When I saw Soulfly coming to Leuven the very following day after Sepultura playing in Antwerp, I said to myself: “This is a coincidence that cannot be missed.” I must admit, a Sepultura concert on the Women’s Day was a nice gift from providence. But seeing also Max Cavalera less than 24 hours afterwards, was like a Christmas present. Leading actor: Het Depot, which made this beautiful experience possible on 9 March.
What a week-end: Saturday trip by train to Antwerp, attending 5 hours of metal show, then wandering around downtown with friends for food and drinks, talking, talking, talking about music until 5 o’clock in the morning, realizing that at that hour it was better to head back to Brussels to get some sleep, arriving home at 8 am, sleeping, waking up on Sunday afternoon with neck and body pain from headbanging, pulling myself together to start off to Leuven. Not well together enough as I was about to lose my train, but again probably thanks to Santa Claus, the Belgium railways came up with a nice 29 minutes delay. Enough though to get me worried that I wouldn’t be on time for the opening act, but here I am, finally entering the venue, pleased to have missed only 5 minutes of beginning and literally throwing myself on one of those comfortable red chairs: “I made it!”
My plan was to get a grip while peacefully listen to the opening band. That was one of those plans which gloriously failed: Massis is a band which gets your complete attention in like … 5 seconds. I cannot say what combination exactly made my eyes big and my hearing so acute all of a sudden: their instrumental style is both technical and so fun. Or maybe it was their attitude on stage. It was obviously that these guys enjoyed so much playing and moreover playing together. Definitely not amateurs, highly mastering their instruments (Andy Heurckmans/guitar – Erwin Reynders/bass – Bernard Van Hecke/guitar – Jo Reynders/drums), including inspirational voice recordings, they were a great and energetic presence, high quality and very enjoyable noise rock.
During the short break, as the announced time for Soulfly was approaching and the tension was escalating in the venue, the public was getting anxious and started chanting: “Ole! Ole, ole, oleee, Soulfly! Soulfly!” reacting even to Max Cavalera’s shadow from backstage.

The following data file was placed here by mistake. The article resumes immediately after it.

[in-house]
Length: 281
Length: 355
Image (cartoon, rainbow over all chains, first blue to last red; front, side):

Soulfly kicked off with “Bloodshed” and “Cannibal Holocaust” and it took impressively little for the audience to start the circle pit and crowd chaos, which was continuously encouraged by Max Cavalera throughout the entire show: move around, stand up, put you hands in the air, everybody scream! The connection with the public was instant and continuous. But both sides were equally looking for it: Max Cavalera was smiling in contentment each time he got a response in lyrics, chanting, gestures from the fans. The audience was jumping, screaming, fighting at his smallest sign. „Um, dois, três, quatro!” Old school ambiance, at its best.
The setlist was smartly and generously put together: “Prophecy” followed by “Back to the Primitive”. “Fire”, “Bring It” and “Defeat U” in a mad breathless sequence, “Seek ‘N’ Strike” together with “Babylon”. Then, “Living Sacrifice” and a small tiny break, just a ready-made occasion to leave Zyon Cavalera alone on the stage to beat the intro rhythms of “Territory” which set the venue back in motion. Was it the song, the nostalgia, the sight of his infamous green and yellow guitar? Who knows… And who cares! But what could follow to such a moment, considering that everyone would save Roots Bloody Roots for later and it was not yet the time for ending the show … “What do you wanna hear next?” was also the question asked by Max Cavalera. “Plata o Plomo” just before “Master of Savagery”. And only then the glorious ending with the iconic opening track from the 1996 album, Roots.
The encore was pure madness. “How many more songs do you want to hear? Well, ok, I’ll do my best here…” and there came a beautiful metal medley of Rise of the Fallen, Jumpdafuckup, Eye for an Eye, No.
Soulfly, one long standing successful projects emerged after a band break-up. Max Cavalera currently shares the stage with Tony Campos at bass and the impressive guitarist Marc Rizzo. Plus Zyon Cavalera, his son, who totally kicked ass at only 21 years old. The end of the show was unexpected, Max left the stage while the others blasted out the virtuoso instrumental part of … Iron Maiden’s Trooper. Just because they can.
Old Sepultura was a cult band, new Sepultura awesomely reinvented itself but after all these so many years, Max Cavalera still represents Sepultura for me. And obviously, he’s not. And yet … In Soulfly, there is something more than a simple Metallica/Megadeth, Guns’n’Roses/Slash or Pink Floyd/Roger Waters ugly break-up stories. And I personally find this mystification so seductive and completely irresistible. Many thanks to Het Depot for making it possible to listening “Refuse/Resist”, “Arise”, “Territory” and “Roots Bloody Roots” twice live in the same week-end. Highly appreciated.